Thursday, June 7, 2012

Maine: The Way Angels Ought To Be

Displaying great vigor, the Maine Angels have elected new leaders, started collecting dues, recruited new members, begun participating in regional summits, and invested in eleven new deals in the last twelve months.

“New officers were nominated last fall, and annual dues were initiated of just under $200 to actively require members to reaffirm their interest,” says Chair Sandra Stone. “There were seventeen members that chose to become ‘inactive alumni.’ Since the October Annual meeting, however, fourteen new members have joined, bringing us up to 46 members. In those seven months, we have reviewed over 60 deals which we declined to pursue, and closed on over $1.1M on eleven deals in the last twelve months. Our total portfolio now stands at almost $5.89M invested in 51 deals, 34 individual companies, 17 follow ons.” 

“After participating  in our first ACA regional summit in Feb 2012, where Maine Angels introduced the Cerahelix deal (generating good interest but only securing minimal total investment of $25,000 from three investors) we invited two of the other regional summit presenters up here, and invested $100,000 in both Respiratory Motion, and JB Therapeutics.” says Stone. 

“We have not yet had a profitable exit, but are excited about several of the companies in the pipeline,” she says.

The Maine Angels was founded by Charlie Sidman in 2003. He was succeeded by Chris Speh (2007-2011). Sandra Stone is now Chair and Don Gooding, Vice Chair. The group typically meets on the  4th Friday of each  month from nine to noon.  They currently rotate locations having outgrown the prior space; 25-30 members attend these days.

Chair Sandra Stone is a principal at Sea Cove Solutions – Collaborations in Entrepreneurship. Formerly she was with MCED, Maine Center for Entrepreneurial Development, a business technology incubator in Portland, Maine. 

An Angel’s Diary
This title of this post reflects my ambiguity toward the way Maine presents itself to those of us “from away.”  In the past, signs at the border proclaimed “Maine, The Way Life Ought To Be.”  Apparently, the grammar police seized the slogan; today it reads “Maine, The Way Life Should Be.”    I prefer the former as a truer expression of the Down East patois, which I love.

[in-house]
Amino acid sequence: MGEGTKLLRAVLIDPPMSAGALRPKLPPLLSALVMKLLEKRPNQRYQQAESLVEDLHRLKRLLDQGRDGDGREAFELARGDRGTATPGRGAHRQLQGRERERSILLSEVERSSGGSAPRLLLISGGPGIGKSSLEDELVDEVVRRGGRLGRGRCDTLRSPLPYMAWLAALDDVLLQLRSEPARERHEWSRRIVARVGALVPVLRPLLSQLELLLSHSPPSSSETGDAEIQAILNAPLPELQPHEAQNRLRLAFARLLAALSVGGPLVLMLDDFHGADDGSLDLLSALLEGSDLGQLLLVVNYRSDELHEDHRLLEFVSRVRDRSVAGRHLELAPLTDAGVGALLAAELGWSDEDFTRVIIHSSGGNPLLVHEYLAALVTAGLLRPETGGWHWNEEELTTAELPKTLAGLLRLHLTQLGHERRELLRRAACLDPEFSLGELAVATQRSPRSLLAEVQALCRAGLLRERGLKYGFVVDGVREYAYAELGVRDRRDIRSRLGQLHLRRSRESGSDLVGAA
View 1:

If you haven’t visited recently, Maine is surprisingly large and, away from the coast, surprisingly poor. In Frenchville, my Grandma’s hometown, for the last 100 years they have been exporting the same four products:  pine, pulp, potatoes, and people.   Before Route 95, to get these “four Ps”  to  market in Boston  they had to truck them through the Haynesville Woods. Should you desire to know what the trip was like, click here for a video of Maine’s greatest country singer, Dick Curless, telling you all about it.

Angels could do much for the Maine economy, were it not so very very hard to raise money for strictly regional deals, as Maine Angel John Sharood  and I discussed at our most recent  ACA meeting in Waltham.  Perhaps Crowdfunding could help, particularly if it provides some liquidity, but we won’t know until the new rules are made and published.

-George McQuilken

1 comment:

Unknown said...

This is a terrific concise recap of where Maine Angels - and Maine generally - are in the startup world. The one key missing item is last year's (now expired) substantial Maine State tax credit for angel investments in Maine companies. The proof will really be in the pudding if the momentum can be sustained with this key benefit removed.